Vol. XV Number 3

October 2004

Published by the Community of Concern within the United Church of Canada

What concern is it of mine?

Recently Robert Bork, an American expert on law, noted that trying to save heterosexual marriage is made "more difficult because so many people ask: How does, homosexual marriage affect me? What concern is it of mine or anybody else what homosexuals do?"

And he continues:
The answer is that the consequences of homosexual marriage will affect you, your children, and your grandchildren, as well as the morality and health of the society in which you and they live.

Where same-sex marriage is in effect already, as in Scandinavia and the Netherlands, heterosexual marriage tends to be downgraded as just one more sexual arrangement among others. The symbolic link between marriage, procreation, and family is broken, and there is a rapid and persistent decline in heterosexual marriages. Families are begun by cohabiting couples, who break up significantly more often than married couples, leaving children in one-parent families. The evidence has long been clear that children raised in such families are much more likely to engage in crime, use drugs, and form unstable relationships of their own. They are pathologies that affect everyone in a community.

Moreover, homosexual marriage will most likely lead to an increasing number of homosexuals.

Particularly vulnerable will be young men and women who, as yet uncertain of and confused by their sexuality, may more easily be led into a homosexual life.

And homosexual men have far higher rates of physical and psychological disorders than do heterosexuals. In fact, attempted suicide rates, even in countries that are homosexual-friendly, are three to four times as high for homosexuals.

In addition, who can be sure what other forms of marriage will flow from the approval of homosexual marriage? As another American commentator has written: Say what they will, there are no principled grounds on which advocates of same-sex marriage can oppose the marriage of two consenting brothers. Nor can they (persuasively) explain why we ought to deny a marriage licence to three men who want to marry. Or to a man who wants a consensual polygamous arrangement. Or to a father to his adult daughter.1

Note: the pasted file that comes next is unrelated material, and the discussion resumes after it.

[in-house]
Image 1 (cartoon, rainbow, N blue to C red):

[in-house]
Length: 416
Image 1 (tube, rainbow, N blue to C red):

Such possibilities will seem outlandish to most of us. But remember that it was only 16 years ago that our United Church accepted both the Membership and Ministry of homosexuals, all the while acknowledging that "we are unclear at the present time as to what God's complete intention is in relation to human sexuality." Now they have added the third "M" — Marriage: same-sex marriage, but viewed almost entirely as a justice issue. And it is far more than that.

In this great debate over marriage it is ultimately the children who are the chief losers. Two McGill University professors recently argued this point eloquently before the House of Commons Standing Committee on Justice and Human Rights:

A change in the heterosexual definition of marriage would belittle the importance of procreation. People who desire such a change ignore the fact that marriage is a social institution, not merely a vehicle to promote individual self-interest. Allowing such a change would send the message that marriage is a vehicle to satisfy the personal desires of adult individuals, rather than an institution that is primarily (though not exclusively) about meeting the needs of children and the community.2

Nevertheless, to repeat what we wrote in Concern in 1993, we do not forget the immense contributions of single people to church life, nor of single-parent families who are succeeding, despite considerable difficulty, in giving their children a good upbringing. Life is not easy for them.